Cappy’s moved to 22nd and East Union, two blocks from its original location, in 2001. The gym stayed there until 2015, when—in what has become a very common Seattle story these days—the building’s owners informed Kotz that the structure was being sold and would soon be demolished to make room for a suite of new developments. He and his team of coaches opted to take a temporary space on South Jackson Street, and for about nine months they searched and searched for a permanent spot they could afford—along Rainier Avenue, in Columbia City, all over the South End. “We kept coming up blank,” Bailey says. Everything was way beyond their price range.

But one day they got a call from the owners of a building at the corner of East Union Street and Martin Luther King, Jr. Way, who wanted to keep local businesses in the area and offered them a manageable price. The plan is to move in in a couple of months, and Bailey and Kotz tumble over themselves to express how excited this makes them. Though they were resigned to looking elsewhere, “the whole idea was we really wanted to stay in the CD,” Kotz says. “This is our community, this is where we live.”

The gym has long emphasized neighborhood outreach: They work with kids at Washington Middle School and the Seattle Girls School; they’ve recently expanded youth programs to offer internships and career-skills training; they host an annual event called the Central District Boxing Revival, a sanctioned boxing match that also brings in a DJ, a food truck, and attendees of all ages. A few years ago they helped organize a project where youth and adult boxers interviewed local business owners and community members about the well-being of the Central District. “We’re really invested in this community; we’ve put a lot of work and time into making connections,” Bailey says. “And yeah,” she adds, laughing, “we did not wanna leave!”

Gentrification, market forces, new tensions in the neighborhood—for Bailey and Kotz, these too are metaphors. “Boxers talk about big matches—they need big matches to take them to the next level,” Bailey says. “In a sense, Cappy’s Boxing Gym, we needed this big match—of everything changing—for us to go to the next level as a business.” The changes “have forced us to be creative, to look for other streams of revenue coming in, to expand, to reach out into the community in different ways. And we wouldn’t have had to do that if our rent wasn’t going to be practically doubling… . So I appreciate that, in the way we appreciate really tough matches… . It’s made us better as a team.”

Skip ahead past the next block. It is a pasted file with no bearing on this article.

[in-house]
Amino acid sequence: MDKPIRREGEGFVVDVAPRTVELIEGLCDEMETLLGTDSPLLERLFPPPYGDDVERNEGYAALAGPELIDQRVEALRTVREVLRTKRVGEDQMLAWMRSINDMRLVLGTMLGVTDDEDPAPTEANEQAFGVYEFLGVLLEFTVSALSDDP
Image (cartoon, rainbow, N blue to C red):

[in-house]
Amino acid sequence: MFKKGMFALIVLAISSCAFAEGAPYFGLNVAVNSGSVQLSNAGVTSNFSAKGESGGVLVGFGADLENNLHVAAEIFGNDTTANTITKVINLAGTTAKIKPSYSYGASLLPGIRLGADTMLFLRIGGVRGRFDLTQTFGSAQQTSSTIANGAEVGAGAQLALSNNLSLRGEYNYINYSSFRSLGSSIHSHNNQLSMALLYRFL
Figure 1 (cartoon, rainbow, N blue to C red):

That’s how Kotz describes his accident, too, of course: a tough match. And one for which building community around the gym has paid off. Cappy’s posted a GoFundMe page to help with Kotz’s medical expenses, and within a few weeks they had raised more than $5,000 and received messages that overflowed with love and support.

Being able to experience that support—as well as a kind of vulnerability he isn’t used to and finds incredibly painful—helped Kotz dig deep, and feel more empathy, both for himself and others. “I didn’t like feeling that kind of vulnerability. But it’s like, ‘Well, Cap, a lot of people are feeling this way.’ Step into the ring with them.” To see the community turn out, “to have all these people in my corner, it was just like, oh, I get it—if we can all sort of trade more empathetic listening with each other, it will cultivate a much different culture.”

While that’s a tall order, it is, more or less, their goal.

Living in a city and a neighborhood that’s experiencing so much change just “puts more pressure on how we respond and roll with the punches,” Bailey says. “More than ever, people need a friendly place to come and be together. We just see that as really our role.” 

sbernard@seattleweekly.com